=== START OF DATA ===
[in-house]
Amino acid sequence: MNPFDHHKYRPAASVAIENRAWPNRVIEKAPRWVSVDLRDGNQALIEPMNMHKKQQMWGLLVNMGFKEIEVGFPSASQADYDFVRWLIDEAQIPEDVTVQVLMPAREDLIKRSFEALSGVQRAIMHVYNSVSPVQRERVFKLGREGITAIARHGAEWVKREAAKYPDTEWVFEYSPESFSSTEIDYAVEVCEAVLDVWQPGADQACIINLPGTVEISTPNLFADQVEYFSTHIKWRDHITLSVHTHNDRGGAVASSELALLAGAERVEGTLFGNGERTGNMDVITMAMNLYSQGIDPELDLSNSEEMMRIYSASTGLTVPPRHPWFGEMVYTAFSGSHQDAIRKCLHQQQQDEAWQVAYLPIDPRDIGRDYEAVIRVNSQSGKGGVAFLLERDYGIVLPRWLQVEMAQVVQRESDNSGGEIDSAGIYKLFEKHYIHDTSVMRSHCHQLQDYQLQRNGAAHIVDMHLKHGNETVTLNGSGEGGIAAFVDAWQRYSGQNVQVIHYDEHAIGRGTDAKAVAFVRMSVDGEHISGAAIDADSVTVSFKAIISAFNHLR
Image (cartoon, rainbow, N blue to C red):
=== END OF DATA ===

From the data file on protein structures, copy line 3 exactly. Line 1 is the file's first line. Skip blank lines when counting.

Image (cartoon, rainbow, N blue to C red):